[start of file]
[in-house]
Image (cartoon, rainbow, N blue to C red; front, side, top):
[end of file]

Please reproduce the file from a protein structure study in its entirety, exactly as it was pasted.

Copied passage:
[in-house]
Image (cartoon, rainbow, N blue to C red; front, side, top):